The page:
... noxious weed; cancelation of a permit to move a noxious weed. 360.304 Section 360.304 Agriculture..., DEPARTMENT OF AGRICULTURE NOXIOUS WEED REGULATIONS § 360.304 Denial of an application for a permit to move a noxious weed; cancelation of a permit to move a noxious weed. (a) The Administrator may deny...

  8. 7 CFR 360.304 - Denial of an application for a permit to move a noxious weed; cancelation of a permit to move a...

    Code of Federal Regulations, 2011 CFR

    2011-01-01

    ... noxious weed; cancelation of a permit to move a noxious weed. 360.304 Section 360.304 Agriculture..., DEPARTMENT OF AGRICULTURE NOXIOUS WEED REGULATIONS § 360.304 Denial of an application for a permit to move a noxious weed; cancelation of a permit to move a noxious weed. (a) The Administrator may deny...

  9. 7 CFR 360.304 - Denial of an application for a permit to move a noxious weed; cancelation of a permit to move a...

    Code of Federal Regulations, 2013 CFR

    2013-01-01

    ... noxious weed; cancelation of a permit to move a noxious weed. 360.304 Section 360.304 Agriculture..., DEPARTMENT OF AGRICULTURE NOXIOUS WEED REGULATIONS § 360.304 Denial of an application for a permit to move a noxious weed; cancelation of a permit to move a noxious weed. (a) The Administrator may deny...

  10. Integrated pest management and weed management in the United States and Canada.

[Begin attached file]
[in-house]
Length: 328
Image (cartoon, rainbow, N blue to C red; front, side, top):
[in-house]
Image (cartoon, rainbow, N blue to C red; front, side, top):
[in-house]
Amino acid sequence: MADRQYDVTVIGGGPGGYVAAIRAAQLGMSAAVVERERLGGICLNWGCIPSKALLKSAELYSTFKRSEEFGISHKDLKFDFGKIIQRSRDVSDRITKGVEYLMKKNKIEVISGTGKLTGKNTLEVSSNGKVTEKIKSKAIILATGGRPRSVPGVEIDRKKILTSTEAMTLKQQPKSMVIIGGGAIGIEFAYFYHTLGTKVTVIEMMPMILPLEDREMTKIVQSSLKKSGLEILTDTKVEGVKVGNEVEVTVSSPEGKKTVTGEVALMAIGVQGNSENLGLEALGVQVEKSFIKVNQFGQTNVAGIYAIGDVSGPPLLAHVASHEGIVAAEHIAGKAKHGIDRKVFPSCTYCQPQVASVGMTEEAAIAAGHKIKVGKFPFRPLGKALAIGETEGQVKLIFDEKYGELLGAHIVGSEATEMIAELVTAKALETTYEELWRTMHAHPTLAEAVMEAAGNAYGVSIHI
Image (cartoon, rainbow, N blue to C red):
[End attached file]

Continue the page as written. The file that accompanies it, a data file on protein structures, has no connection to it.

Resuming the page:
PubMed

    Owen, Micheal D K; Beckie, Hugh J; Leeson, Julia Y; Norsworthy, Jason K; Steckel, Larry E

    2015-03-01

    There is interest in more diverse weed management tactics because of evolved herbicide resistance in important weeds in many US and Canadian crop systems. While herbicide resistance in weeds is not new, the issue has become critical because of the adoption of simple, convenient and inexpensive crop systems based on genetically engineered glyphosate-tolerant crop cultivars. Importantly, genetic engineering has not been a factor in rice and wheat, two globally important food crops. There are many tactics that help to mitigate herbicide resistance in weeds and should be widely adopted. Evolved herbicide resistance in key weeds has influenced a limited number of growers to include a more diverse suite of tactics to supplement existing herbicidal tactics. Most growers still emphasize herbicides, often to the exclusion of alternative tactics. Application of integrated pest management for weeds is better characterized as integrated weed management, and more typically integrated herbicide management. However, adoption of diverse weed management tactics is limited. Modifying herbicide use will not solve herbicide resistance in weeds, and the relief provided by different herbicide use practices is generally short-lived at best. More diversity of tactics for weed management must be incorporated in crop systems. PMID:25346235

  11. Impact of Fertilizing Pattern on the Biodiversity of a Weed Community and Wheat Growth

    PubMed Central

    Tang, Leilei; Cheng, Chuanpeng; Wan, Kaiyuan; Li, Ruhai; Wang, Daozhong; Tao, Yong; Pan, Junfeng; Xie, Juan; Chen, Fang

    2014-01-01